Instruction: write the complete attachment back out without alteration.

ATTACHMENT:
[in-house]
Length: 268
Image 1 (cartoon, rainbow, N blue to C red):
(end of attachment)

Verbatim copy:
[in-house]
Length: 268
Image 1 (cartoon, rainbow, N blue to C red):